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The RB rotation is three co-equal starters given the “OR” designation. Turner started the first half of 2016 before losing carries to Rico Dowdle, who’s out for this game with a broken fibula. The third, Ty’son Williams, got the majority of snaps against Clemson and was the least likely to run away from a gaping hole. Dowdle’s absence gives us room to include spectacularly named Randrecous Davis, the backup slot receiver who inherited injured Shi Smith’s snaps in the Clemson game. Both are freshmen.

Outside, Bryan Edwards gets over a quarter of their targets, often on sight adjustment (option) routes. Another true freshman receiver, OrTre Smith (no relation), has replaced injured Deebo Samuel, who was also their kick and punt returner. According to people who watched more SC than me that's a big loss.

None of the offensive linemen looked very good against Clemson, but Clemson’s DL tends to do that to mere mortals. Everyone got out-athleted at least once, but they also did a fair job at picking up Venables’s nasty blitzes—punt.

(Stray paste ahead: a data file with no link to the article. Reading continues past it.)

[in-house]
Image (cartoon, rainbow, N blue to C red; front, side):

[Hit THE JUMP for the rest of the breakdown]

Fee Fi Foe Film: South Carolina Defense

Fee Fi Foe Film: South Carolina Defense

Submitted by Ace on December 28th, 2017 at 4:19 PM

All-SEC linebacker Skai Moore covers a lot of ground.

South Carolina's schedule made it difficult to pick a game to scout. Over the last two months, they've faced two playoff teams (Georgia and Clemson), four SEC squads ranked worse than 80th in S&P+, and Wofford.

I chose Clemson given the comparably fierce defense to Michigan. The offenses are, uh, different. As such, I expect SC to take a slightly different approach than what I saw in this game, but thankfully Will Muschamp's schemes are well-known at this point. In this game, Clemson picked apart his pet coverage in a way Michigan should be able to reclicate. The Tigers jumped out to a 34-0 lead before setting it on cruise control for most of the second half.

Personnel: Seth's diagram will go up tomorrow along with the offense post, as he's currently at a wedding. South Carolina doesn't have any recent major injuries to report on defense; they lost talented SLB Bryson Allen-Williams early in the year.